Ratatouille: Food Frenzy Review - The Next Level

Game Profile

System:
Nintendo DS
Release date:
October 30th, 2007
Publisher:
THQ
Developer:
Helixe
Players:
1
Genre:
Puzzle
ESRB:
E

Ratatouille: Food Frenzy

Seven mini-games isn't a lot of mini-games.

Review by James Cunningham (Email)
April 25th 2008

Ratatouille was one of the best movies released this year. Cute, charming, creative, and inventive, it filled the screen with lively characters that avoided the expected, even when the plot veered worryingly close to cliché. So why are the games so incredibly uninspired?

Ratatouille: Food Frenzy is the second game based on the movie, and it's just as lackluster as the first, despite playing nothing like it. Each level is composed of a selection from the seven mini-games that make up the whole game, and most them feel like the between-level bonus you'd get from a title with some meat on its bones.


Food Frenzy has an interesting visual style based on the ending credit sequence of the movie, but that's not enough to spice up the repetitive nature of the gameplay.

In no particular order:

Flip the Fish. Linguine walks by every now and then, and tapping him makes him drop a fish into one of three frying pans. Drawing a line from the fish into the air sends it flying, and juggling the fish among the pans earns a score multiplier. In the meantime, waiters walk by in the background, platters held high. Flipping a cooked fish onto the platter earns the points its accumulated, but raw or overcooked fish can have unpleasant scoring effects. It's actually pretty fun once you figure out how to control the fish, but later levels can have as little as one frying pan to cook with, taking away the fun of fish juggling.

Slice & Dice. Cut up vegetables with the stylus, just like in Cooking Mama, except with less gameplay. You can run out of time on each individual veggie if you don't cut fast enough, but it'd take real effort to fail completely.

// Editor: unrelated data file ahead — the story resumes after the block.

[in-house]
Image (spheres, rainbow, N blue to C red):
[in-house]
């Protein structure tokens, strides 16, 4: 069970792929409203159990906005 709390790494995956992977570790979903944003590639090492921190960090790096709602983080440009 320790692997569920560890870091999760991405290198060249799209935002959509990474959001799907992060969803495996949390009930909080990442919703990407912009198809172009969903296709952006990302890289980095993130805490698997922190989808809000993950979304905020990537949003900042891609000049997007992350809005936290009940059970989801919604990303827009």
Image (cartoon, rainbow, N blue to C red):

Mollusk Madness. Snails are crawling on the wall, and Remy shoots sponges to knock them down and clean the slime trail they leave behind. Drawing a line causes Remy to shoot, but his aim always feels off. You can also hold down the stylus to charge up a power shot, which can clear several snails at once, but if it wasn't for the combo it earns it would be no more effective than rapid-fire. To top it off, it's another game that's harder to lose than win.

Food Fling. Remy's brother Emile is tossing food from the top screen, and you need to grab it with the stylus as it falls, and sort it into the proper bowl. At first it's the easiest game of the lot, but later levels have the bowls, or even the food itself, randomly change. Dropping an orange into the orange bowl, only to have it randomly turn into a strawberry, was the point at which my indifference turned into outright dislike. There's a difference between a challenge and simply pissing off the player, and this is the point where Food Frenzy crosses the line.

Soup du Jour. Ingredients are rolling from the top screen into the soup pot, and when five of a kind meet they cluster together. This was almost a decent little PuyoPop-ish game, but the way ingredients would frequently roll out of place after hitting the mass made precision more difficult than it should have been. Keeping an eye on the top screen for the next color while positioning the growing pile on the bottom also doesn't work that well, leading to relying on luck as much as skill.

Cooking With Remy. This is another game that almost works, with Remy juggling multiple pots and pans on up to three burners at once. Adding food cools down the pan, while stirring (just accept it as a gameplay element) heats it up. Temperatures range from burnt, too hot, just right, cool, and too cold, and you can only add ingredients at just right. In theory, the upper heat levels might be a problem, but temperatures rarely get that high because you're always adding ingredients, bringing the heat back down. Juggling the three burners could be a lot of fun, adding ingredients and stirring to bring the heat back up while mentally timing the other dishes, but it only takes a small amount of efficiency to keep everything cooking right.

Dinner Rush. This is actually my favorite of the lot despite its simplicity. A series of dots and lines appear on the plate, and tapping and tracing them creates a fancy dish that looks as good as it probably would taste. Just the right amount of speed and precision are necessary to get a good score, even if it does get a bit repetitive as the dishes repeat themselves.

And that's the whole game right there. Food Frenzy has an interesting visual style based on the ending credit sequence of the movie, but that's not enough to spice up the repetitive nature of the gameplay. A few mini-games that don't actively suck combine with others that eventually do, and the game quickly turns from mildly inoffensive into a chore. While its mini-games are a bit meatier than average, there aren't enough of them to make Ratatouille: Food Frenzy anything but an unfulfilling snack, rather than a meal worthy of the license.

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